Recyclable epoxy resin can be used in industries where material recovery was previously impossible
Covers wind turbines, advanced composite materials and dental prosthetics. But it is so hard that you can not recycle. To date, a Swiss research team has found a way to make a recyclable epoxy resin.
The team working in the Swiss Federal Materials Research Laboratories (Empa) has developed an epoxy based plastic that also has another property: it can be repaired and works as a flame retardant. Their discovery, published in the Chemical Engineering Journal, represents an innovation they intend to work on again. For example to use it in the field of reinforced plastics, which today have little chance of recycling.
Epoxy resins belong to the so-called duromers, that is plastics whose shape cannot be changed after hardening. Polymer chains are in fact closely linked. On the one hand, this feature guarantees excellent mechanical and thermal properties. On the other hand, it lowers the recovery capacity at the end of life, unlike thermoplastics such as PET. Epoxy resins are often combined with glass or carbon fibers to make components for ships, airplanes and wind turbines.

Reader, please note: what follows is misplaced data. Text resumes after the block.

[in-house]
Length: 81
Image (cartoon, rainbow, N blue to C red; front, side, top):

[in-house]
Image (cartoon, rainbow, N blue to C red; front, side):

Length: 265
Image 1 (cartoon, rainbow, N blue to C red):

Reversible bonds of phosphonates unlock circular economy
To invent a recyclable epoxy resin, the Empa team added a molecule of the phosphonic acid ester class to the “normal” resin. These molecules, also called phosphonates, form a dense network based on phosphorus-carbon and phospho-oxygen bonds. The important thing is that they are reversible bonds when exposed to high heat and reorganize within the polymer network. Simply put, the synthetic resin containing phosphonates can be melted again.
And to say that in the experiment, the molecule had to serve as a flame retardant, to make it less flammable than the others. But then the potential for the circular economy was realized, thus giving the resin a dual function. According to the Empa team, it could be used to cover wooden floors, given the good fireproof properties. But also to give a second life to reinforced plastic (CFRP), which today is a tough nut for any recycling chain.